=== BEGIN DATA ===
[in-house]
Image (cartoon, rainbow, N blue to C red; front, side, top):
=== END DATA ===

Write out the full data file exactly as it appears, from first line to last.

[in-house]
Image (cartoon, rainbow, N blue to C red; front, side, top):